Friday, August 12, 2011

La Vendetta di Lady Morgan – review

Director: Massimo Pupillo

Release date: 1965

Contains spoilers

La Vendetta di Lady Morgan is not an easy film to come across but I managed to track down a copy, in the original Italian (which sounds odd as the film is set in Scotland) with fan subs built into the dvd-r, at iOffer. Unfortunately it wasn’t the best quality print, clearly lifted from a VHS that had recorded it from TV but that is probably the best we can hope for at the moment. A nice, restored version on DVD would be appreciated from a good progressive DVD company.

It is also a film that will befuddle you, as you watch it, unless you know going in that it is one of the rare vampiric ghost types of films. This aspect appears at the very end of the film and, for the most part, it seems like a period crime thriller.

Barbara Nelli as Susan
It begins with Susan (Barbara Nelli), the niece and only relative of the local Lord Neville (Carlo Kechler), sat beneath a tree with architect Pierre Brissac (Michel Forain). He has been doing work on her Uncle’s stately home, but the work is complete and he has to go back to Paris. However, she is in love with him and does not want him to leave. She was meant to marry Harold (Paul Muller, I Vampiri, Count Dracula and Nightmare Castle) but she tells Harold and her Uncle that she loves Pierre. Harold bows out gracefully (it seems) and her Uncle is delighted.

Pierre with amnesia
Pierre has to nip back to Paris and whilst crossing the English Channel is knocked out and tossed overboard. So it is that Susan follows her Uncle’s wishes and marries Harold a few months later. The proviso is that she go away with her Uncle for a while and only return when she feels right about it. Mention is made, by Roger (Gordon Mitchell) who is Harold’s manservant, of how lucky he is that Pierre fell into the sea leaving the opening to marry the country’s richest heiress! Susan can only whisper ‘I do’ and the priest makes her repeat until she screams the words. Somewhere a man (Pierre) who has been in a coma awakens but has amnesia.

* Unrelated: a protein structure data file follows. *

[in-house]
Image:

the eyes have it
When Susan (now the Lady Morgan, as that was Harold’s surname) gets back she finds that all the servants have been replaced. She says she is tired and is led to her room by the maid Lillian (Erika Blanc, Kill, Baby, Kill!). The camera lingers on Lillian’s eyes giving a thought that they were hypnotic and, when Susan sleeps we hear her voice calling her to obey. Actually she calls through a grate in the fireplace and the next section of the film concentrates on Roger, Lillian and Harold conspiring to send Susan mad. They even kidnap Uncle Neville and chain him in the dungeon.

Susan the ghost
This is the crime thriller I spoke of and it gets to a point where they have Susan pretty darn mad, walk her to the edge of the roof and then cause her to fall in a way that looks like suicide. She dies with Pierre’s name on her lips and his memory suddenly returns. He, some time later - as his legs are wasted at first, goes back to the house and it is in ruins inside, but Susan comes to him. She tells him that the spirit of a violent death must linger but, if that spirit were pure (which she was) she can become corporeal in the presence of her true love.

tormenting her killers
Pierre has a tough time believing the tale she tells him, but she becomes incorporeal and lets his arms drift through her. She tells him how she got her revenge upon the conspirators by turning themselves on each other and leading them to their untimely deaths. However, they are now ghosts too, blood drinking ghosts who have kept Uncle Neville chained up and drink his blood night after night to become corporeal. Poor old Pierre is now on the menu as well…

Susan will faint in just one moment
The film looked pretty grim on the print I watched but you could see there was a genuinely atmospheric film underneath. The story was unusual and it was nice to be able to watch such a film without an awful dub. It perhaps wasn’t up there with the best of Italian horror and the story's narrative really was dependent on the fact that Susan was such a gullible wimp.

the vampiric ghosts
The vampiric ghosts are absolutely blood hungry, spill blood on the floor and they race to lap it up – how they managed to restrain themselves and keep Neville alive for so long is beyond me. There was a wonderfully dour tone to the ending, which I won’t spoil. The film really was a film of several parts and that did give it a little bit of a disjointed feel.

Worth tracking down as a rare bit of Italian horror and a rare vampiric ghost tale. 6 out of 10.

The imdb page is here.

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